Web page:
Abdulrazaq Awofeso, Do You Know Who I Am (Iyaloja), 2022. Installation view, Abdulrazaq Awofeso: Out of Frame (2022). Courtesy Ikon Gallery.
Ikon Gallery, Birmingham
10 June – 29 August 2022
by DAVID TRIGG
The humble shipping pallet is integral to the modern global economy, used to transport almost every product we buy and so ubiquitous that it barely warrants a second thought. For Abdulrazaq Awofeso, however, these simple wooden objects provide the primary material for his colourful array of carved sculptures, reliefs and installations currently on display at Birmingham’s Ikon Gallery. Discarded on city streets around the world, the ready availability of pallets makes them an attractive, cost-effective solution for the Nigerian artist, who recently relocated to Birmingham from Lagos, courtesy of a Global Talent visa. But the commonplace devices also form the conceptual anchor of Awofeso’s practice, standing as a metaphor for migration and the global movement of people, including his own journeys between Nigeria, South Africa and Europe.
Abdulrazaq Awofeso, Skhothane, 2021-22. Installation view, Abdulrazaq Awofeso: Out of Frame (2022). Courtesy Ikon Gallery.
Although every work in this elegantly restrained exhibition is made from scavenged pallets, the socio-political significance of Awofeso’s material is quickly eclipsed by the gentle humanity that pervades the opening installation, Do You Know Who I Am (2022). Hovering somewhere between paintings and portrait busts, this motley collection of relief sculptures portrays people the artist met during a fraught return flight to Birmingham from Lagos in December 2021, when Nigeria was suddenly added to the UK’s Covid travel red list. Celebrating the randomness of encounter that Awofeso experienced while being held in Amsterdam, the installation introduces us to a host of intriguing individuals, including Iyaloja and her enormous head wrap, Kutaba with his shaggy hair and pink shades, and an elderly flat-capped gentleman known simply as Blinder.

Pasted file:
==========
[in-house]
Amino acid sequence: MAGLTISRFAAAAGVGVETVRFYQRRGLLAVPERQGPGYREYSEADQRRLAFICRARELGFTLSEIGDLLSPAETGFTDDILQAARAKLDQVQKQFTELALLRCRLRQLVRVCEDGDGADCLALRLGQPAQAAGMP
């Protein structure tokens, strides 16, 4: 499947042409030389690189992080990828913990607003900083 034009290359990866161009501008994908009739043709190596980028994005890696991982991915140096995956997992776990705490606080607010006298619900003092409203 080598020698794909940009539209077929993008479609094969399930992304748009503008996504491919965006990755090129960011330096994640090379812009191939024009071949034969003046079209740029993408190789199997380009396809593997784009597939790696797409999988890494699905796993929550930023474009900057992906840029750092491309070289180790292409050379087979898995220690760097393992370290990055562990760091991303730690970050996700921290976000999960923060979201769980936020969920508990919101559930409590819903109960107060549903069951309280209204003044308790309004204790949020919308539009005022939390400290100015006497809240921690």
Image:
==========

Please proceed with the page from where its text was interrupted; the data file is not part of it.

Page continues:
Abdulrazaq Awofeso, Komole (bridal train), 2022. Installation view, Abdulrazaq Awofeso: Out of Frame (2022). Courtesy Ikon Gallery.
Constructed from just a few simple carved forms, each of the 31 faces are incredibly characterful. Most notable, though, are their unnatural skin tones, which range from shades of cerulean, mauve and crimson to ash and amber. This positions the figures as citizens of the world rather than any specific locale – a conscious decision reflecting Awofeso’s uneasiness about the capitalisation of the black figure in African art. While the work’s backstory highlights how the modern world has made us more connected than ever, the individual shelves that the figures occupy suggests a certain alienation; these travellers are all together yet also separate, perhaps even lonesome. In contrast, the conviviality of the nearby relief, Komole (bridal train) (2022), celebrates togetherness. Painted on to wooden slats, it depicts a group of women dancing at a wedding; a large, colourful narrative that perhaps hints at a future direction for Awofeso’s reliefs.